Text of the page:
Wandering around Milan the photogenic

When Italians think about how Milan appeared in movies over the years, they definitely think about the irresistible Toto and Peppino out of “Toto, Peppino, and the Hussy” – the 1956 film directed by Camillo Mastrocinque. The main characters are two Neapolitan landowners visiting Milan, at the north of the country. Despite the spring season, our heroes arrive at the station wearing an unlikely Cossack-like outfit, making the Milanese smirk at them.


Toto, Peppino, and the Hussy

Many films inspired by Milan propose similar scenes, in which an immigrant from the South of the country finds himself pulled into the large and active northern city. These films tell stories of difficult integration, alternating comic or grotesque situations. But Milan is also an expression of a labor culture that has led it to be the symbol of the economic boom at the turn of the last century. Many Italian filmmakers have actually used the city as a film set to tell stories of desire for personal achievement and social redemption, or to shed light on some aspects of mass industrialization.

Let us try to discover the second Italian city by number of inhabitants, keeping in mind the films that have celebrated its various corners and the personality of its inhabitants. From Mario Camerini, that here in 1932 shot his “Men, you rascals …”, the film that brought Milan and the Cathedral for the first time on the big screen and now provides us with the memory of a city that already showed all its activity and vitality. The critic Filippo Sacchi, from the columns of the Corriere della Sera, reviewed it this way: “It’s the first time we see Milan on the screen. Well, who could have imagined that it was so photogenic? “.


Men, you rascals …

If you are planning on visiting Milan, you must obviously start from the Piazza del Duomo, the city’s symbol. The most important monuments are in fact in the historical center, in the streets around the large square that is dominated by the cathedral, one of the largest churches in Europe. From there you can take a journey to discover true symbols of the city, such as the Castello Sforzesco, or the artistic heritage preserved at the Pinacoteca di Brera. But to think of Milan also means the Fashion Week or the Salone del Mobile, or to be more actual, EXPO 2015. Milano the gray, is in fact a vital, lively, and economically dynamic city.


Miracle in Milan

And Piazza Duomo is the backdrop to the famous scene of flying brooms of “Miracle in Milan”, Vittorio De Sica’s masterpiece of 1951. In the dreamy film the protagonist is an orphaned boy who dreams of a world where “Good morning really wantsto say a good morning.” In the final scene – which seems to have been inspirational for the scene of the flying bicycles in “ET” by Steven Spielberg – the protagonist, along with a group of homeless people, steals the brooms of a group of garbage collectors, and then flies away on top of them towards that world he dreamed of.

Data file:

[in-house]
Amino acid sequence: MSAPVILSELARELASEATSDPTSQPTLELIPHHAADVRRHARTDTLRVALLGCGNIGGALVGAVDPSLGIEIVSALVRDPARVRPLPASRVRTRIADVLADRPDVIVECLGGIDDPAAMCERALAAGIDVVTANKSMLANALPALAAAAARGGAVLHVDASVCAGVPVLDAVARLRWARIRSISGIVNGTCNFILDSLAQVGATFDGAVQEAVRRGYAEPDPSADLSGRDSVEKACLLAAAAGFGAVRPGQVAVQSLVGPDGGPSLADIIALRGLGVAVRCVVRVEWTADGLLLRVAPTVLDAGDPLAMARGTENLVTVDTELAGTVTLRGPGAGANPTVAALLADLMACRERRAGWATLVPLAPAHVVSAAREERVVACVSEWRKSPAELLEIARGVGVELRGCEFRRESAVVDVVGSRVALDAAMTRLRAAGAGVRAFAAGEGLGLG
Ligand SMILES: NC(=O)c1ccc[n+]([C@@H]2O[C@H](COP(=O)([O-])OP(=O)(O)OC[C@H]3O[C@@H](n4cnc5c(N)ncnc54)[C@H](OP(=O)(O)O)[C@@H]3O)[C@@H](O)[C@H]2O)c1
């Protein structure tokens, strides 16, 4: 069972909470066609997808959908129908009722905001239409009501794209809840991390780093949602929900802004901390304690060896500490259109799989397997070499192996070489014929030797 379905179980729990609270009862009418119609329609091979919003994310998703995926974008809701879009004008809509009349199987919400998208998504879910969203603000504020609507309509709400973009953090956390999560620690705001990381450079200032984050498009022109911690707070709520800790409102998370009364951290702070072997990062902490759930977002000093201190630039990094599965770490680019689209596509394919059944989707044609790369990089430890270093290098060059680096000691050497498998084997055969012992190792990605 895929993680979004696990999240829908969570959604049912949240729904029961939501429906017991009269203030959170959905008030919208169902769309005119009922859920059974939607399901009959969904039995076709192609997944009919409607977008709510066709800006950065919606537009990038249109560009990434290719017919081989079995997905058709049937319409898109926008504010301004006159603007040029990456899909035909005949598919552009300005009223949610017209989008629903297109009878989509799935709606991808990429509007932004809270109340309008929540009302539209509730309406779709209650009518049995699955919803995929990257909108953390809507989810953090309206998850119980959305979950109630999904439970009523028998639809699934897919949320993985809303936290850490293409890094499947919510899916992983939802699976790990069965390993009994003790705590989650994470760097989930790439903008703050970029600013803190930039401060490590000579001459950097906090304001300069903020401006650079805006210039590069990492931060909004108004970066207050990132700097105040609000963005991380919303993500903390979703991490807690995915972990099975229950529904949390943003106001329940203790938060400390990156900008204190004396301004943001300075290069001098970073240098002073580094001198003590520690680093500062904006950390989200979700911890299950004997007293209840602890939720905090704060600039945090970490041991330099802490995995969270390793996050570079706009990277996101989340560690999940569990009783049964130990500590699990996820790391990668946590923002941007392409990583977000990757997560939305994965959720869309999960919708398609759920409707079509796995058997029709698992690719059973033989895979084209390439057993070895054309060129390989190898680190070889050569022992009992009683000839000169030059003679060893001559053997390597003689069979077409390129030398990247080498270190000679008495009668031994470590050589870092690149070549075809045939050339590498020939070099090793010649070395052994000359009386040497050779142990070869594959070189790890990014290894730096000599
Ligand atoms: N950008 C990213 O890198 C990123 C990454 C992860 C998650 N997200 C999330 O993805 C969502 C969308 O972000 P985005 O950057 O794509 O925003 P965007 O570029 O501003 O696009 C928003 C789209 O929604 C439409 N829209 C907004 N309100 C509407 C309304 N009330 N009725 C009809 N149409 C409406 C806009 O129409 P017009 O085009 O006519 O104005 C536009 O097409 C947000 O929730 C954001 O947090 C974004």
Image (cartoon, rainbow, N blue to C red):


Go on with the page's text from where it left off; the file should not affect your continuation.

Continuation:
Miracle in Milan

And yet, the desire for personal achievement and improvement of one’s condition are the basis of “Rocco and His Brothers”, the 1960 film by Luchino Visconti. On the other side the industrialized man in the grip of neurosis, in some way an archetype of the great workers of Lombardy, is the protagonist of the beautiful “The Working Class Goes to Heaven”, a film by Elio Petri of 1971 with an immense Gian Maria Volonte.


The Working Class Goes to Heaven

To satisfy the most curious, and also provide some inspiration for visiting Milan via a walk off the beaten track, we can remind you that “Nirvana” by Gabriele Salvatores was shot almost entirely in the Portello district of Milan, in the old Alfa Romeo factories, while “Chemical Hunger” – Antonio Bocola and Paolo Vari, 2007 – is set among the youth of the Barona, the suburban South of Milan. Mario Monicelli has also set “Popular novel” (1974), with Ugo Tognazzi, Ornella Muti and Michele Placido, in the tenement of the New Tower of Sesto San Giovanni and in the district of Lambiate.


Popular novel

Milan is then a continuous interweaving of its places and personalities that are modeled inside it. Over the years, we have seen so many aspects of the city and its old and new inhabitants in the movies: from the dream of improving their condition entrusting everything to a difficult and long journey, via the Milan of the factories and the “Milan to drink” in the most frivolous and fanciest meaning of the term. In these films we saw unforgettable comic scenes, as well as many occasions for reflection on the Italian culture and society. Such as the film that received the Golden Lion for Best Film at the 67th Venice Film Festival in Venice in 2010: we’re talking about “Somewhere” by Sofia Coppola. The American director uses Milan, and the Telegatti awards ceremony, to speculate on the emptiness that surrounds environments such as television, where appearance is worth a thousand times more than any substance, and the mouth serves mainly to smile.

Small ideas to have a trip around Milan and immerse yourself in the history and culture of a city, taking inspiration from the eyes of filmmakers who have looked at it in about 80 years of film history. And also to avoid sounding like Antonio from “Toto, Peppino, and the Hussy”, who spoke these words upon arriving in the city: “Now that we are finally in Milan, shall we go see this famous Colosseum?”.

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